Self-responsibility relies on the conviction that one is both the voluntary creator and voluntary inhibitor of one’s actions. The correctness of one’s premises should determine whether or not one takes an action. Ultimately, one is responsible for one’s own actions, no matter what another person requests or offers. For instance, to act on a request to commit a crime makes one responsible for it—regardless of the intent or consequences. (Of course, this assumes that one is not brain damaged or mentally crippled in a way that diminishes or incapacitates volitional functioning.) In a trial, however, the level of intent (mens rea) determines the nature of criminal accountability. The perpetrator’s knowledge of the consequences of his or her action and the degree of recklessness or carelessness tied to that knowledge are factors to be considered in a court of law.

The military has provided numerous examples of what can happen when individuals shirk responsibility. Some of the worst improprieties and unspeakable atrocities known to the human race have resulted from following unquestioned “orders from above.” The factors involved in soldiers carrying out their ordered duties are certainly complex. Soldiers rely on contracts of trust in superiors to make competent and legal decisions. Yet such decisions often demand logical justification.

In any job, a person assumes responsibility for the activities performed. Part of one’s job is to become informed, instead of acting blindly. Thus, military soldiers need to be just as knowledgeable about the ramifications of their actions as military leaders.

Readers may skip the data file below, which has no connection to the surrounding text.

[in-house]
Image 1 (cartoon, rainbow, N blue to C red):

The nature of justice demands it. This is all the more true in our world’s currently depraved socio-political context. Holding “war machines” accountable for heinousness is nonsensical, because those who take the actions are responsible—as are the persons who give the orders.

In general, government can be used by some as a shield that protects wrong actions. The anonymity of collective force directly diminishes both self-responsibility and personal accountability. Yet wrongdoing is often rationalized. Be it individual or political, it is typically painted in the best light possible——in order to seem either right or unintentional. Persons may try to make themselves oblivious to internal and external signals warning them of contradictory activities.

Those in government are no less human than the rest of our species. They are just involved in the destructive nature of a coercive system. Government really offers a mixed bag of services; some are logical, while some are contradictory. Still, many of the services they offer use retaliatory force to defend individual rights.

Rights-respecting services must be in the range of choice for the individual. But choice is not a concept to which government by nature is friendly. Real and whole people welcome choice. Independent and sovereign minds can think and judge for themselves. Indeed, to consider ourselves capable of making choices on this fundamental level is to resolve many contradictions and internal problems. Such an attitude can only broaden our horizons and expand our possibilities.